So, you’ve got your data ingestion queue set up and your ELT pipeline. You’ve created your stored procedures to process the data and update the queuing mechanism along the way so status of the process can easily be tracked. You’re well on your way. But wait, on day 10, the daily file is missing. No big deal. You knew this might happen (see Part 1 where we discuss actions for the unexpected outcomes). Your system sends a nice email (heck you can even cc the person whose job it is to make sure you have the file) and tells you that the file is missing. And you knew this would happen, so you also have next steps – usually either wait and stop future processes (not ideal) or no worries, we continue with the next file and have the missed one fall in place when it's received. When the data comes, it will be processed as if it came in earlier and all data will be good. But it is important to be aware of the issue. Personally, I love an email that tells me about a problem that I need to be aware of but is self correcting. "The file is missing, just wanted to let you know! We'll skip over it and reload once it's been received!".
Remember that third-party data provider I told you about earlier? They were really great at giving me daily files on time and as expected. But one thing they weren’t great at was being accurate about whether they were modifying a record or adding it. They would send me a modification designation, but I didn’t even have that record. Sometimes you'll come across issues that you just weren't prepared for - fun little surprises. Data ingestion is a dynamic thing, you may need to add modifications and put new processes in place when unexpected data is received. My solution was to modify my processing and do a compare and if it came in as a modification, but didn’t exist, I switched it to an Add (and of course tracked that change historically so I could see the change).
This is just one example of how we handle assumptions that turn out to not be true. Even large data providers miss dropping files. Make sure you’re handling it so that your data ingestion pipeline isn’t waiting on that file AND be aware of it so action can be taken to get that file to you ASAP. Knowledge is important, intervention is not ideal.
Validate, Validate and More Validate
At my last company I had my pipelines set up dynamically. The process would notify through email if there were issues with missing files and so on. But the part that really saved us so many times, were our production validations. These were essentially business rule validations written in SQL that we would run against the data on a nightly basis. If there were issues, an email would be sent, if not – no email would be sent. This allowed us to see when data was coming in either through the front-end, through processing, or from our ELT loads that weren't meeting our business rule expectations. However, it also had the unknown benefit of alerting us when there were code defects that were causing data issues. Our data validations were our daily pulse on our data quality.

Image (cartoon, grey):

But the key was that every error I would get from these HAD to be actionable – even if that meant (most of the time) writing up a defect to get it fixed. I was even known to come back in and comment something out if no action was being taken on that business rule so that it would be removed from the daily email. I don’t want to hear over and over again about something that actually doesn’t require action. These validations caught major issues before our clients did in production and in development. If you just read through our production validation script, you would actually learn a lot about our business rules and what was expected of the data, so it was a great tool to familiarize someone with the database relationship to application. Every time we had a defect that was data related, we would add to it so it was a working validation that was modified over time. Defects love to show up sometimes unannounced again and again. If you’re data ingestion is expected to look a certain way, be a certain data type, mean a certain thing to someone – create a validation for that. You’ll thank yourself later.